Quentin Tarantino is a renowned filmmaker known for his unique style and use of violence in his films. In this article, we will examine Tarantino's relationship with violence and his approach to working with child actors in his movies.
Tarantino's Relationship with Violence
According to Channel 4, Tarantino is known for incorporating violence in his movies, describing it as part of his artistic talent. In recent films like The Hateful Eight and Once Upon a Time in Hollywood, he uses violence as a tone that builds suspense until the inevitable violent climax. This technique keeps the audience engaged and emotional throughout the story.
Quentin belives that Thomas Edison invented the camera to film action scenes that have a big impact on viewers, while reminding them it's just a movie. Some filmmakers aim to conduct the audience's emotions like an orchestra, making them laugh, feel shocked, and laugh again.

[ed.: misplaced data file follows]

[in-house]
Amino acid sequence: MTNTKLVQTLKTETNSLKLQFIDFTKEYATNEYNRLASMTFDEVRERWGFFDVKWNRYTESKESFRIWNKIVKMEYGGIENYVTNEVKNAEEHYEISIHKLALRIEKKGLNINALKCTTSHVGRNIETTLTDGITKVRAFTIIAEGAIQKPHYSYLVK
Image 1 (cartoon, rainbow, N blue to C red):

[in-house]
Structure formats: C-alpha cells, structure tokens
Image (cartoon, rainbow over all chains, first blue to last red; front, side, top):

Tarantino and Child Actors
Despite his embrace of violence, Tarantino has expressed reservations about exposing child actors to violent or traumatic scenes. While he has worked with child actors before, such as Perla Haney-Jardine in Kill Bill and young Julia Butters in Once Upon a Time in Hollywood, he is careful not to push them beyond their limits. He has explained that he would not want to put a real-life child actor in a psychologically harrowing experience, such as asking a young girl to imagine her mother being killed.
The Evolution of Violence in Tarantino's Films
Tarantino's use of violence has evolved over time, becoming more subtle and nuanced in recent films. While his earlier works were characterized by overt violence and gore, his recent films have a more restrained approach. He has learned to use violence as a storytelling device, creating tension and suspense by strategically placing his chess pieces before the violent climax.
In an interview with Time Out, Tarantino revealed that while making "The Hateful Eight," he gained insight into transforming violence into a pervasive tone that looms over the characters, much like the sword of Damocles.
In clonclusion, Tarantino has a complex relationship with violence and child actors. He's cautious of harming young actors and now uses violence as a tone instead of graphic displays.